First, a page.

(Rosa) There are a number of different legends of the origin of the rose, a mirror of the popularity of the plant. In the East, they still say that the first rose was generated either by a tear, or, according to another legend, the sweat, of Mahomet. For that reason Moslems never allow rose petals to lie on the ground. There are two or three Greek myths about the plant. One of them says that the goddess Cybele, to take revenge on Venus, found no better way to do it than by creating the rose, whose beauty she likened to that of the goddess. Another story is again connected with Venus, who was born of the sea. At the same moment, the rose sprang for the first time on earth (Bunyard). Another Greek legend says that prior to the death of Adonis, all roses were white. Venus, while hurrying to Adonis, trod on a rose thorn, and some drops of her blood (or, as yet another version tells, that of Adonis) fell on the petals, and so that the plant became the parent of all the red roses. A Moslem version says the red colour was from the blood of the prophet, and so, of course, it is a sacred flower. Another Greek myth says it was Bacchus who dropped the wine on the rose, while an English legend has it that it was the blood of Christ that made white roses red. A German story tells of its becoming red after Adam and Eve had eaten the forbidden fruit. Another German legend says that all roses were originally red, but then Mary Magdalen wept for Christ, her tears fell on a rose and bleached the petals.

A Moslem version of the legend of how the red rose came into being incorporates the famous story of the rose and the nightingale. The flowers complained to Allah that the lotus, then queen of the flowers, slept at night, and they demanded a new queen. Allah answered by creating the white rose, and to protect it gave it thorns. The nightingale fell deeply in love with the new flower, and flying towards it, was pierced by its thorns, and so the white flower was changed to red.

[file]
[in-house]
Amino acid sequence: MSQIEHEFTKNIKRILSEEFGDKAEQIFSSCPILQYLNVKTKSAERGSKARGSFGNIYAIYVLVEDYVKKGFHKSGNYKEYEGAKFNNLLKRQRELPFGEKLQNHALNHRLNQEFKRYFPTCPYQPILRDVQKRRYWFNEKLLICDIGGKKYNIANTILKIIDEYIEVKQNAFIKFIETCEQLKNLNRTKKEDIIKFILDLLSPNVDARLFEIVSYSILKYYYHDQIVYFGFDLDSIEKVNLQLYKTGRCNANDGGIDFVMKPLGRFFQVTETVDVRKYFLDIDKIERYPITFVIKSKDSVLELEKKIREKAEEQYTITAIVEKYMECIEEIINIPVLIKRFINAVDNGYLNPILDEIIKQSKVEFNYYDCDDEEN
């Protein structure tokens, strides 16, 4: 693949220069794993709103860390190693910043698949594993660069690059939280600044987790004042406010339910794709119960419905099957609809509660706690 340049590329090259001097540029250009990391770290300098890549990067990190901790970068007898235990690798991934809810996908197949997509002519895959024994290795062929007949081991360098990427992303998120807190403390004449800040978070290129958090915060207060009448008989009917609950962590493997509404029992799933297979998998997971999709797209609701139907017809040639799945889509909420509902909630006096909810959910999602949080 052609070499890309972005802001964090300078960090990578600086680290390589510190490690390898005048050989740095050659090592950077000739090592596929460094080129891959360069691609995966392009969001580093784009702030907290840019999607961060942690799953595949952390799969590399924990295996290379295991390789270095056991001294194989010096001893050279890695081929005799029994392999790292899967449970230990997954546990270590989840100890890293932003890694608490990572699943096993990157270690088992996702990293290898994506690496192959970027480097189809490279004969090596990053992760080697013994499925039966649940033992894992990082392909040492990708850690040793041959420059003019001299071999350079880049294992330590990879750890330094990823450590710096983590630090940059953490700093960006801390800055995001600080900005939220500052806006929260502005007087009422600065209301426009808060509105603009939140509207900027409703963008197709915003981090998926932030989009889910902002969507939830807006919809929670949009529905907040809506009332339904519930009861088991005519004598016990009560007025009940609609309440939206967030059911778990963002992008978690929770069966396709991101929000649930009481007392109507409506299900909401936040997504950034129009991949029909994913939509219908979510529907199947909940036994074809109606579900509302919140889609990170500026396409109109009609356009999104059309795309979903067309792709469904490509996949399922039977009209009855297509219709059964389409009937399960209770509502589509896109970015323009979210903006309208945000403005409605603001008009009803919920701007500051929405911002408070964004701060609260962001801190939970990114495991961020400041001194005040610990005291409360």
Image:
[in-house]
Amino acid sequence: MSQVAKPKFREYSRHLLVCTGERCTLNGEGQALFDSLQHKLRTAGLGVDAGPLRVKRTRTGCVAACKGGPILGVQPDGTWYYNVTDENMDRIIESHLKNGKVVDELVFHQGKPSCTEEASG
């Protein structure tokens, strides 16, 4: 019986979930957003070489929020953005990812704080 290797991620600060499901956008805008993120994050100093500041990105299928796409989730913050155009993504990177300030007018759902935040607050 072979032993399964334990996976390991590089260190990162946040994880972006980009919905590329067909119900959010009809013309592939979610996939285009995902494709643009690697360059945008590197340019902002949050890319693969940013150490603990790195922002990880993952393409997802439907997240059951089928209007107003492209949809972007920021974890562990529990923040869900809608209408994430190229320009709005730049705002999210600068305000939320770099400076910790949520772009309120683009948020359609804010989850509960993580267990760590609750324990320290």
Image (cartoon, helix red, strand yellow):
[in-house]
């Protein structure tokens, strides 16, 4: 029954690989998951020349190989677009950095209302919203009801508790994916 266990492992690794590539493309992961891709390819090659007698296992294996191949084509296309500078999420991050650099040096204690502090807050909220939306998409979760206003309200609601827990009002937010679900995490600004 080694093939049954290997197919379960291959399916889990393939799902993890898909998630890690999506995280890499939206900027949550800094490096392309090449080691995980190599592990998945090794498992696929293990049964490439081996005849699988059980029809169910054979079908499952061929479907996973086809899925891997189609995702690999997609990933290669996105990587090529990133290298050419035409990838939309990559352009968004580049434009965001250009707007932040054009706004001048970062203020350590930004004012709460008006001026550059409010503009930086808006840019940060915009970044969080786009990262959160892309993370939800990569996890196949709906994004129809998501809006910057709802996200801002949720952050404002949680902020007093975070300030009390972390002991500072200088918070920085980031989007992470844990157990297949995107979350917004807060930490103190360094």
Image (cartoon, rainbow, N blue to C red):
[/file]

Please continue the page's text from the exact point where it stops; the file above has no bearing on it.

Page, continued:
Father Rapin, the seventeenth century Jesuit, quoted another origin legend connected with Greek mythology. It concerns a queen of Corinth named Rhodanthe, who was so beautiful that no-one could look on her without falling madly in love. She had countless suitors, and, wishing to escape them, she took refuge in a temple consecrated to Diana. But three of the suitors, bolder than the rest, followed her there and tried to abduct her. Rhodanthe defended herself and appealed to the people for help. They came, but were so overcome by her beauty that they cried that Diana was no longer goddess of the temple; from then on they would pay homage to the beautiful Rhodanthe. They were on the point of overturning Diana's statue when Apollo, furious at this outrage against his sister, appeared. He turned Rhodanthe into a rose tree, and changed the three suitors into a worm, a fly and a butterfly.

There must be no end to these tales of the origin of the rose. There is yet another that tells of the rose's thorns. When first created it had no thorns, but as man's wickedness increased, so the plant grew them. Others say that the thorns appeared only after the appearance of Adam and Eve. Finally, there is a story in Mandeville's Travels about a Bethlehem girl falsely accused of unchastity, and sentenced to the stake. She called on God to help her and to demonstrate her innocence in the eyes of all. Then she stepped into the fire, and the flames at once died down. Those brands that were already burning changed into red roses, and the others into white.

A familiar piece of Greek mythology is that Eros presented a rose to the god of silence, for the rose has been a symbol of silence since very early times, a belief still with us in the expression sub rosa. It is said that many of the great houses with plaster ceilings had a rose as the central ornament, a reminder that matters talked of at table "under the rose" must not be repeated outside that room. A rose is often out over confessionals in Catholic churches, for the same reason (Ingram). But to be born "under the rose" is said to mean being illegitimate, a rose being also a symbol of secrecy, so the wild rose is sometimes used to signify illicit love (Briggs. 1974). To dream of red roses was said to foretell success in love (Higgins); and florists say that more red roses are sold for St Valentine's Day than for any other day of the year (Baker. 1977).